Monday, September 27, 2010

Order Reversed Based Upon Trial Court's Objections To Questions

In Ramos v. Casey (5D09-853), the Fifth District reversed the trial court’s order dismissing case without prejudice. After a default judgment was entered, the trial court held a jury trial. The defaulting defendants did not appear at the trial. The plaintiff testified and the trial court objected to the testimony as hearsay. The attorneys for the plaintiff objected to the trial court objecting, however, the trial court disagreed. At that point, the trial court excused the jury and dismissed the case. The Fifth District held:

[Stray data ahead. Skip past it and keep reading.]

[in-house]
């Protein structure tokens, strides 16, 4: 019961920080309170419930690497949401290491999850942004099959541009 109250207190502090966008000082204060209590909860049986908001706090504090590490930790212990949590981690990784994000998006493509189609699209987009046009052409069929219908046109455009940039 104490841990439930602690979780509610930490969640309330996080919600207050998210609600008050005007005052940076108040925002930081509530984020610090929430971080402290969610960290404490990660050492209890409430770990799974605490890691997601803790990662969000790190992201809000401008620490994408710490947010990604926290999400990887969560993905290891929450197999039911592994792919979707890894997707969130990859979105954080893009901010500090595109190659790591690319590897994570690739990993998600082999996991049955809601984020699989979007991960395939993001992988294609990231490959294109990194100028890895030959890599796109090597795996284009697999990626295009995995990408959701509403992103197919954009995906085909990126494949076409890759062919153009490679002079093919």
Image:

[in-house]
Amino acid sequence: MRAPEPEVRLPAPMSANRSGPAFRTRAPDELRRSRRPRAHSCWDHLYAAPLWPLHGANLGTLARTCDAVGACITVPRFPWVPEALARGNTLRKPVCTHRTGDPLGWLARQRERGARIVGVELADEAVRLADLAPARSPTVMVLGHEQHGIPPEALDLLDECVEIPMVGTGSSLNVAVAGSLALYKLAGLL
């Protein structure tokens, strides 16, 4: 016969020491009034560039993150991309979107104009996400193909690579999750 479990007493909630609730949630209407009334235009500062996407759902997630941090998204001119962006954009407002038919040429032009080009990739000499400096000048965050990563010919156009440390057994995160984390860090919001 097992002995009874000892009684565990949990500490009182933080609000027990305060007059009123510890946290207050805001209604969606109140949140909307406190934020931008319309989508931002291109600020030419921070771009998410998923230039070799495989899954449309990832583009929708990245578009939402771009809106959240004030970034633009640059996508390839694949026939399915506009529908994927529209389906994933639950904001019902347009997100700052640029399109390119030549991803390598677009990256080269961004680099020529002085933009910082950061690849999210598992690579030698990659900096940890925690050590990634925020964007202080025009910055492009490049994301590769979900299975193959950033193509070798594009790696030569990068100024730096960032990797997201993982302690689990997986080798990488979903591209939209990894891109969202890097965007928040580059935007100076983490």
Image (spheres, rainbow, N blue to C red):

In this case, it was improper for the trial court to interject itself into the trial below by making evidentiary objections during the course of Ramos and Murphy's case-in chief, and to thereafter determine that the evidence of damages was insufficient to support the entry of a damage award. Accordingly, the trial court's dismissal order is reversed and this matter remanded with instructions that a new trial be held before a different judge on the issue of damages.


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